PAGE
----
While “late New Thought” characteristically leans heavily on Abrahamic Thought, or in some cases Vedic Thought, New Thought 3.1 includes New Thought paths which rely on Goddess Centered Spirituality, Buddhism, Taoism,as well as Indigenous Teachings from around the world.
These thought streams serve as primary foundations for a number of New Thought Forms while remaining inclusive regarding wisdom which aligns with the UDHR. There is even a form of New Thought known as Mental Science which is the preferred vehicle for atheists.
One of the reasons that some New Thought Denominations have experienced a decline in attendance is due to a failure to recognize the full spectrum of New Thought, another is timidity when it comes to embracing higher truth.
While today New Thought denominations and leaders overwhelmingly embrace the LGBT community, most leaders stayed on the sidelines when the struggle was most challenging. This was not the first time. While our research revealed that Unitarian ministers marched and fought in the 1960’s for Civil Rights, we did not find demonstrations of the same with regard to New Thought ministers. In fact, when one examines the history of the Universal Foundation for Better Living (UFBL), the reader will find that one reason Johnnie Coleman founded this wonderful New Thought denomination was due to her experience at Unity Village.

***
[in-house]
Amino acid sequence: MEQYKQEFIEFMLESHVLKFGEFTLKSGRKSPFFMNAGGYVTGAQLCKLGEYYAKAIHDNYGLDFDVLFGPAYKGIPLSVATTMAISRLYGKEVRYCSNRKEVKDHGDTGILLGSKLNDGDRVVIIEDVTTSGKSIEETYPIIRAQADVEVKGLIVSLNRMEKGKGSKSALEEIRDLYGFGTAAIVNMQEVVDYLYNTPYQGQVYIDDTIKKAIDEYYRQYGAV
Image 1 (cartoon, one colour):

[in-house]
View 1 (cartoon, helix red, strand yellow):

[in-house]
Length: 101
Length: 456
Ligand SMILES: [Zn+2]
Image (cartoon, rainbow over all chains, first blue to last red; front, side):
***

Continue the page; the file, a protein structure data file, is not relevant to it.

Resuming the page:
Readers should note that since 911, a number of New Thought Institutes have been stating that they teach forms of Christian Philosophy in order to fall within the Islamist definition of what constitutes a “people of the book.” Not only are these claims tenuous and regarded as spurious by fundamentalist adherents to various forms of Abrahamism, we recognize such contentions as fear-based thinking.
It is important that all adherents to New Thought understand that Article 18 of the Universal Declaration of Human Rights recognizes that:
“Everyone has the right to freedom of thought, conscience and religion; this right includes freedom to change his religion or belief, and freedom, either alone or in community with others and in public or private, to manifest his religion or belief in teaching, practice, worship and observance.”